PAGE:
New vertical farms will tackle global food challenges, researchers hope

The system grows vegetables, salads and fruit, stacked vertically and without the need for soil.

New vertical farms will tackle global food challenges, researchers hope

A vertical farming system is being developed which researchers hope will address global food challenges by using hi-tech growing methods to produce large quantities of nutritious fresh crops all year round.

The system grows vegetables, salads and fruit, stacked vertically and without the need for soil.

It is being designed and engineered by scientists at Nottingham Trent University, in partnership with Henley Associates Ltd.

Two vertical farming units are being created, one about the size of a shipping container and the other about half the size.

They will act as an initial proof of concept, paving the way for more to be built for and used by retailers, caterers, local authorities and schools, experts say.

The project aims to help feed a rising urban population, tackle the challenge of decreasing arable land, and reduce the UK’s reliance on imported produce.

Researchers suggest the novel fully autonomous system will be capable of producing fresh food which is more nutritious, has far bigger yields and is ready to harvest in at least half the time.

It will not need favourable weather, fertile soil, lots of water and the usual high-running costs associated with the crop sector.

Logistical costs and environmental impact will also be reduced, and shelf-life maximised as the crops will be produced closer to the consumer.

Crops are in a nutrient-rich solution, plant roots are suspended mid-air in high humidity, and intermittently misted with a solution that increases nutrient use efficiency and plant growth with a surplus of oxygen at the root surface.

Solar panels will provide electricity to run the whole system.

The vertical farm will be created over the next two years – one will be based at the university’s Brackenhurst Campus and the other in Grantham, Lincolnshire.

Chungui Lu, professor of sustainable agriculture in Nottingham Trent University’s School of Animal, Rural and Environmental Sciences, said: “We are designing and engineering prototypes before carrying out a detailed feasibility study.”

He added: “We urgently need to develop new methods to enable intensive and sustainable crop production.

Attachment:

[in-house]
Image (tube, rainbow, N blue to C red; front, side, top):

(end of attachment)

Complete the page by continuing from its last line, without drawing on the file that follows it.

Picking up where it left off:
“We need an innovative container farming system that can be manufactured at low cost, is easy to install, unaffected by climates and seasons and can produce high-yields with high-quality crops with a significant reduction in carbon footprint.

“It’s also important to reduce reliance on imports, particularly given the UK’s exit from the EU. Each container is capable of producing three to five tonnes of crops a year.

“Using novel semi-mist culture methods, this will be an advanced, energy-efficient and carbon-neutral vertical farm for onsite use at retailers, schools and other organisations.

“By the end of the project we will have a new generation of containerised vertical farming that will improve UK resilience to environmental shocks and food security and will be beneficial for both the farming industry and society.”

Charles Brunton, director and project manager at Henley Associates Limited, said: “Food production has forever relied upon favourable weather and suitable soil.

“Vertical farming negates both of these factors – especially weather – as global warming takes effect worldwide, as has been witnessed in the UK over the past few years, resulting in failed crops, resown crops and reduction in yields.

“The vertical farming system is a major step forward in vastly reducing the carbon footprint of delivering fruit and vegetables by road from Europe and in particular air transport from across the world.”

The project has been funded by a UK Research and Innovation Innovate UK Smart Grant.

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